Frankly, this confuses me. If Canada is in a climate emergency, where is the emergency response plan?

That’s why today, I’m asking you to call on the Federal Leaders’ Debates Commission to organize a debate on climate change and Canada’s Green New Deal ahead of this fall’s federal election. Sign the petition.

Temperatures are rising across the country, and with it, the threat of another record-breaking wildfire season. Fires have already forced evacuations in communities like High Level and the Dene Tha’ First Nation in Northern Alberta.2 Just this week, smoke from these fires arrived in skies above Vancouver and blocked out the sun in Edmonton.3

I was born and raised in Edmonton, and for the past six years I’ve lived in Vancouver so I can say without question, that this is not normal. Honestly, I’m terrified. This could be the third record-breaking wildfire season in a row in British Columbia, and it’s average global temperatures have only risen 1ºC. Justin Trudeau’s current climate plan has us on a path to, in the best case scenario, warm the planet by another of 4-5ºC on average.

That would be devastating, and that’s why every person in this country needs to know which one of our major political parties has a real plan to tackle the climate emergency. The best way to that happen is with a federal leaders’ debate on climate change and Canada’s Green New Deal. Add your name to the petition.

In 2015, more than eleven million people watched the leaders’ debates, and there was only one question on climate change. This is unacceptable, especially for a country in a climate emergency.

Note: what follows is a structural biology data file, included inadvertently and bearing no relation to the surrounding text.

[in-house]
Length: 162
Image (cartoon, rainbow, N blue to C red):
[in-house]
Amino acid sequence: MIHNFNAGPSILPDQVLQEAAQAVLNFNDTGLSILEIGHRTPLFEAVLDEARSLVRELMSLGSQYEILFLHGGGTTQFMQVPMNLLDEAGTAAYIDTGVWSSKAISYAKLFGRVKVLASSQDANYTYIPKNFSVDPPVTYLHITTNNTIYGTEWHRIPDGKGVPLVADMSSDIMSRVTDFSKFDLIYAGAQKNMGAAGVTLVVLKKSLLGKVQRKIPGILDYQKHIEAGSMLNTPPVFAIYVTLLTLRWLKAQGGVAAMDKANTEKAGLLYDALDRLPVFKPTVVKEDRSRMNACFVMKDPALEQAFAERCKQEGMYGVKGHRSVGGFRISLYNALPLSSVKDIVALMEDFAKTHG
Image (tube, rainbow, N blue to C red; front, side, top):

This is the first election with a designated Leaders’ Debate Commission.4 And since they’ve been tasked with organizing election debates in the public interest, we have a chance to change the debate and make sure responding to a climate emergency is center stage.

Sign the petition to make sure climate change and Canada’s Green New Deal are at the center of the upcoming federal election.

This petition is just the start. When temperatures rise this summer, so will we. As climate impacts continue to strike our communities, we will keep building the movement for Canada’s Green New Deal and demanding a federal climate debate.

We need to change the debate. This is our time to do it.

With urgency,

Cam

PS – The movement for Canada’s Green New Deal is taking off. Over 100 town halls have already happened across the country to build a shared vision for a Green New Deal — and dozens are coming up. To find a town hall near you click here.


Resources:

1. Declaring a Climate Emergency is Meaningless Without Strong Policy
2. We’ve been through it before’: Dene Tha’ First Nation practiced evacuation years before recent wildfire
3. Smokey skies arrive as haze from Alberta wildfires reach Metro Vancouver
4. Canada Leaders’ Debates Commission